35th Roasting Ears of Corn Festival at Museum of Indian Culture
The 35th Annual Roasting Ears of Corn Festival, Pennsylvania's oldest Native American Indian Festival, will be held 10 a.m. - 6 p.m., rain or shine, Aug. 22 and 23, Museum of Indian Culture, Fish Hatchery Road, Allentown.
Premiering at the festival is Joanne Shenandoah, Oneida, in concert, 7 p.m. Aug. 21 in the museum. Shenandoah performs with her sister, Diane and daughter, Leah.
Shenandoah is one of America's most celebrated and critically-acclaimed Native American musicians. She is a Grammy Award recipient, a 13-time recipient of the Native American Music Award and has received more than 40 music awards and made 17 recordings. Her music has been heard on shows on HBO, PBS, CBS, the Discovery Channel and in several films.
Shenandoah has performed for His Holiness the Dali Lama and at St. Peter's Basilica at the Vatican, Italy, where she performed an original composition for the celebration for the canonization of the first Native American Saint Kateri Tekakwitha, both in October 2012.
Shenandoah has performed at The White House, Carnegie Hall, five Presidential Inaugurations, The Vatican, Madison Square Garden, Bethlehem Fine Arts Center, Palestine, Crystal Bridges Museum, the NMAI-Smithsonian, the Ordway Theater, Hummingbird Centre, Toronto Skydome, The Parliament of the World's Religions, and Woodstock '94.
Shenandoah performs at the festival with world-renowned Native American recording artist Arvel Bird, Paiute violinist and flutist, 11 a.m. Aug. 22.
This is Bird's second performance in the Lehigh Valley. Bird, dubbed "Lord of the Strings," has dazzled audiences around the world with his contemporary fusion of Native American and Celtic fiddle rhythms. His world tours have included Scotland, England, Ireland, Australia, New Zealand, Canada, and the Smithsonian, Washington, D.C. He has released 20 CDs and two DVDs, and is the recipient a Canadian Aboriginal Music Award and Native American Music Award. He is a four-time Indiana State Fiddle Champion.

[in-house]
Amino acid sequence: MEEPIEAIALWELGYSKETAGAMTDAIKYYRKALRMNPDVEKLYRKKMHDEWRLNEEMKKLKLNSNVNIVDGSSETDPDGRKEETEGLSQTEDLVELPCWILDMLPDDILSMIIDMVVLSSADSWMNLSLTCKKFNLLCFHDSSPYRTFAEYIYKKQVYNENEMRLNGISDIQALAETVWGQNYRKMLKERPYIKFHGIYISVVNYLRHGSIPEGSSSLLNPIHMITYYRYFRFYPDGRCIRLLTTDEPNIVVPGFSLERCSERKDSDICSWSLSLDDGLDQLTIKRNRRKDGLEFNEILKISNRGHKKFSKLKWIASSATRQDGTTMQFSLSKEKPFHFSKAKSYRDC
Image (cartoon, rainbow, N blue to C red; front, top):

Music and dance performances include: Youngblood Singers; White Buffalo Singers; Aztec Fire Dancing by the Salinas Family from Mexico City; Matthew White Eagle Clair, Mikmaq hoop dancer, and American Indian dancers, singers and performers from Canada, New York and North America, with featured dancers head man George Bearskin, Sandia-Delaware, and head woman Natasha Bearskin, Navajo. Master of Ceremonies is George Stonefish, Delaware, from Canada.
Children can learn to make dreamcatchers, cornhusk dolls and Navajo sand painting, have their face painted, hear American Indian stories, and help paint a festival mural.
Life-skills demonstrations including Atlatl and Tomahawk throwing, flint-knapping, arrow-making, flute-making, and Native Cooking demonstrations by Heart to Hearth.
Artifact displays are by Lee Hallman, Museum of Indian Culture curator.
Cree demonstrator Katrina Fisher will bring her award-winning Plains teepee program to the festival.
Vendors will offer hand-crafted items, including handmade silver and beaded jewelry, Kachina dolls, pottery, leather clothing, soap-stone carvings, Indian trade silver and other crafts.
American Indian cuisine of Fry bread prepared by Danielle Shenandoah, Oneida, N.Y.; and buffalo burgers, buffalo stew, Indian Tacos, corn soup and more will be available.